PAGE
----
4. Aar

    I’ve been doing a lot of bike fitting as my bike adapts to cycling after knee replacement. At my most recent bike fitting, the fitter asked me about my cycling goals and objectives for the season. It was asked in such a way as to elicit a specific race or event. Since I haven’t had a single race or event as a target in quite awhile, I thought about it for quite awhile. Eventually, the words “Cycling is in my blood. I’ll ride as long as I’m able” came out of my mouth before my brain fully formed the thought. It was a moment of personal clarity. While it’s topic adjacent, it works for me.

    Anyway, how do I connect to cycling? N+1 is probably the most tangible way. Pondering the “right” amount of riding to do is another – How much is too much for my body/knee? How much kicks in the munchies that pork me up? How little can I ride while maintaining or advancing my fitness? Which group do I enjoy riding with the most? Etc. Socializing with fellow cyclists is probably the most direct way I remain connected.

    Thanks for the great group ride!

  5. Alan

    I no longer accept the NBC broadcasts of pro cycling as acceptable. Eurosport has my heart. Il’l watch NBC only when there is no other option.

    I still read the same blogs. Bike Snob NYC, RKP, Cycling Tips, VeloNews but now it’s also Dirt Rag, and a few other mountain bike blogs as I’ve been doing a lot more mountain biking. No cars, better views, flowers to stop and admire.

    I still do local grassroots races, and I volunteer at races. I try and pick 2 big events a year. This year was Iron Horse Classic. Barely beat the train from Durango to Silverton.

  6. Stephen Barner

    Ten years ago I was riding around 7k miles a year, which rose to 10k for a few years before settling back to 7k. I’m hoping to bump that number back up this year, so things in the riding department haven’t changed much. I’ve got several more bikes, but as I was riding my newest bike 10 years ago, that hasn’t changed much either. If things go well, in ten more years I’ll be retired and riding even more miles, likely on the same bikes. I just hope to have more room to store them all.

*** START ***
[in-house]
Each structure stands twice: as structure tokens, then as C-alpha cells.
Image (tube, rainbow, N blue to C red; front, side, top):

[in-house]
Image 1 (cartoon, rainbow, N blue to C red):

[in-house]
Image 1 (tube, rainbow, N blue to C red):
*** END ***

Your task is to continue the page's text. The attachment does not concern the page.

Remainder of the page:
7. shg in Austin

    Oh, boy, have I been thinking about this topic lately. I just fitted a 12-32 cassette on one of my bikes today in order to make getting this +50-year-old body go up the steep hills in Austin a bit easier. My fast group rides have faded away over the last few years and now I go out for 25 miles solo and pick the twistiest most convoluted ride that gets the largest number of steep hills in that distance. I probably couldn’t talk to anyone even if I wanted to on that route but it’s what I do now.

    The tires don’t sing with speed anymore, my days of being a state champ and the olympic training center and LONG gone but I still get on that bike and once I “snap the elastic” of home life, I don’t mind being on the road in my own world and I’m never really jealous of those stronger faster rides of days past.

  8. Kenton Hoppas

    I got into cycling with low end equipment. (Most six year olds do.) Over time I upgraded to the fancy stuff. My garage, or apartment spare bedroom, went from being a stable for one, to two, to over a dozen. Now, many years later, I still ride as much as ever. However, I only have one bike again. It’s high-end components are in such a sad state of disrepair that it embarrasses me to the point of not showing up for group rides at times for fear of ridicule. But riding is my life. It always has been. I connect to cycling today the same I did when I was six. Bike, me, destination, go, arrive, partake in activity, leave, ride, home, smile. And that’s my past, present and future connection to cycling.